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Master of Arts (M.A.)




The Modesto Irrigation District is located on the eastern side of the Great Valley about half way from North to South. The Great Valley is really two distinct river valleys further divided by lesser stream valleys. The Sacramento River Valley is about 500 miles long and forms the northern half; and the San Joaquin Valley is about 350 miles long and forms the southern half. For many practical purposes local residents of this great Valley call it the Sac-Joaquin Valley. There are no hills or mountains to separate these valleys so we may consider them as one.

The Sac-Joaquin Valley is almost ideal as far as irrigation is concerned. It is almost as flat as a table, dropping about 2-3 feet per mile toward the middle of the valley from the beginning of the valley proper westward to the Sacramento or San Joaquin River. The summers are long, hot, and cloudless; ideally suited to the ripening of tropic fruits.4 All the valley lacked was sufficient water. And the mountains now furnish that.

We shall consider the Modesto area as being the area north of the Tuolumne River to the Stanislaus River and from the San Joaquin River on the west to the foothills of the Sierra Nevada Mountains. By the early settlers this area was called Paradise Valley.2 A town of Paradise existed for a few years, having been laid out by a Mr. Jon Mitchell about 1867-683 It gave up and moved a few miles east into the new town of Modesto soon after the latter was started in 1870.4<68/sup>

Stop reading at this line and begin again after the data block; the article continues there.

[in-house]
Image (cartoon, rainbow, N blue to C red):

The Modesto Irrigation District now inclueds about 81,000 acres in the weatern part of this Paradise Valley.2 The land is almost flat, consisting of soils that are, as a whole, "light, the largest part of the area consisting of sandy loams and sands".3 The soil ideal for diversified agriculture, and it has now been proven that the soil types of Modesto District are best adapted to the applicaton of irrigation.4



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